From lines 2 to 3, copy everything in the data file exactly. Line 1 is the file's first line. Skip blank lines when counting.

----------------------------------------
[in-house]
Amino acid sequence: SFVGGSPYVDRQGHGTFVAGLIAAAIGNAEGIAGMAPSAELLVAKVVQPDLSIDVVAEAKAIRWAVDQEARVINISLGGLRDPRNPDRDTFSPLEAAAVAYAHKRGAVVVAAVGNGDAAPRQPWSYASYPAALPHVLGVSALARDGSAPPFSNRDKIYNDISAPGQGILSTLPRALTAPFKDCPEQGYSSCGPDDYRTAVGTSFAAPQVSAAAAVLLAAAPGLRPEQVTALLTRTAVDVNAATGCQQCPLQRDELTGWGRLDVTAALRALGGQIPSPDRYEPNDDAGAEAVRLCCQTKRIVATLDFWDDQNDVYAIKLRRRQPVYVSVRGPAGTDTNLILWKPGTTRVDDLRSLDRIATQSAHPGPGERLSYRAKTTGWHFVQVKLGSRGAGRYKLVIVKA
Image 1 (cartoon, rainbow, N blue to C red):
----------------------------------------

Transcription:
Amino acid sequence: SFVGGSPYVDRQGHGTFVAGLIAAAIGNAEGIAGMAPSAELLVAKVVQPDLSIDVVAEAKAIRWAVDQEARVINISLGGLRDPRNPDRDTFSPLEAAAVAYAHKRGAVVVAAVGNGDAAPRQPWSYASYPAALPHVLGVSALARDGSAPPFSNRDKIYNDISAPGQGILSTLPRALTAPFKDCPEQGYSSCGPDDYRTAVGTSFAAPQVSAAAAVLLAAAPGLRPEQVTALLTRTAVDVNAATGCQQCPLQRDELTGWGRLDVTAALRALGGQIPSPDRYEPNDDAGAEAVRLCCQTKRIVATLDFWDDQNDVYAIKLRRRQPVYVSVRGPAGTDTNLILWKPGTTRVDDLRSLDRIATQSAHPGPGERLSYRAKTTGWHFVQVKLGSRGAGRYKLVIVKA
Image 1 (cartoon, rainbow, N blue to C red):